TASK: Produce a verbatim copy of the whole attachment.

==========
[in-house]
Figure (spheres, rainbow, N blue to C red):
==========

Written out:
[in-house]
Figure (spheres, rainbow, N blue to C red):